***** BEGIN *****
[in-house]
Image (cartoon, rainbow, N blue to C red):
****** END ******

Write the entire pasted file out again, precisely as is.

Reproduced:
[in-house]
Image (cartoon, rainbow, N blue to C red):